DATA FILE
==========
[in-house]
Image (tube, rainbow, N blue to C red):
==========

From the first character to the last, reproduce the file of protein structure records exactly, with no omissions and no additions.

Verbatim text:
[in-house]
Image (tube, rainbow, N blue to C red):